Black(s), white(s) (n.) Do not use either term as a singular noun. For plurals, phrasing such as Black people, white people, Black teachers, white students is often preferable when clearly relevant. White officers account for 64% of the police force, Black officers 21% and Latino officers 15%. The gunman targeted Black churchgoers. The plural nouns Blacks and whites are generally acceptable when clearly relevant and needed for reasons of space or sentence construction. He helped integrate dance halls among Blacks, whites, Latinos and Asian Americans. Black and white are acceptable as adjectives when relevant.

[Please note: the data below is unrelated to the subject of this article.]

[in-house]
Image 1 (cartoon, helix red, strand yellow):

Black (adj.) Use the capitalized term as an adjective in a racial, ethnic or cultural sense: Black people, Black culture, Black literature, Black studies, Black colleges.

So, according to the Associated Press, “Black people” is correct, but “White people” isn’t?  What about “Brown people?” Though not as commonly used as “black” or “white,” “brown” is still used to represent people of certain origins, but AP style specifically recommends avoiding use of the term.

David Lanham, director of communications for the Brooking Institution’s Metropolitan Policy Program, had called for the AP to make the style change earlier this week:

In recent weeks, we have seen Black Americans give voice to the injustices and lack of respect they’ve endured since the founding of our country. Millions of non-Black protesters, in cities large and small, have now taken to the streets to amplify those calls for justice and respect.